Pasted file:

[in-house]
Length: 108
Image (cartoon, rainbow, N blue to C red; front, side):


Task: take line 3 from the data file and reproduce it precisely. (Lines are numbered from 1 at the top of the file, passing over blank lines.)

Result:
Image (cartoon, rainbow, N blue to C red; front, side):